The official Dropbox client for Android is pretty simple to use, but it still requires one to navigate through multiple screens and options in order to upload/download required content to/from local and cloud storage. What if you could transfer data back and forth between your device’s local storage and Dropbox account via quick and simple drag and drop gestures? Enter FileDrop – a neatly designed unofficial Dropbox client for Android that does just that. Using the app’s beautifully-designed split-screen file explorer, you can speed up your part in the uploading and downloading of files through drag and drop. To keep you apprised of the progress of file transfer, the app also sports a native Upload Download List. That’s not all; FileDrop also features a Mail Mode and Link Mode to let you share local as well as Dropbox files via compatible apps including Gmail and Facebook.
The app’s interface comprises a solitary homescreen that is split into two halves, one showing files from your device’s local storage, and the other, those on your Dropbox cloud. The three cloud buttons arranged vertically at the right side of this screen can be tapped to launch the app’s Mail Mode, Upload Download List and Link Mode.
Needless to say, in order to explore your Dropbox content, you must authorize FileDrop to access your account. For this, just tap the large box icon at the top of the screen, and provide your Dropbox credentials.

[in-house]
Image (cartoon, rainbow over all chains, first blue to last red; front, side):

Apparently, the app’s drag and drop function is applicable to files only (no folder support), and can be used to transfer just one file at a time. Using the app’s native file explorer, navigate to the desired source and destination directories on both the storages. Once that is done, long-press the required file, drag and drop it into the other directory. Tapping a file lets you delete it, or display its info, and if it’s a local media (image/video) file, you can also opt to view it.
Another noticeable aspect of the app is the cloud icon at the top-left of the screen that displays a blinking blue dot for as long as uploading/downloading of files is in progress. To further help you instantly know whether it’s a download or upload job, the icon of the Upload Download List accordingly displays a downward or upward arrow. While in Link/Mail Mode, use the same drag and drop feature to send the required files, and upon prompt, select the required option/app to share the file.
To reveal brief Account information, Refresh the app’s content or Logout from the service, hit Menu.
All in all, a good-looking app that has the potential to do even more. A few suggestions that instantly come to mind are support for batch selection and of both files and folders, inclusion of other cloud storage services such as Box and SugarSync, option to work in landscape orientation, and some information about the space consumption on both local and cloud storage. Still, even in its current form, FileDrop is way better than most third-party Dropbox clients in terms of both aesthetics and features.
FileDrop is available for free in the Android Market, and requires Android 2.3 Gingerbread or higher to run.